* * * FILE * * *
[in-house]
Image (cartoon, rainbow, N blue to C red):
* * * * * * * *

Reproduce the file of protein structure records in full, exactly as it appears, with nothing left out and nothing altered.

[in-house]
Image (cartoon, rainbow, N blue to C red):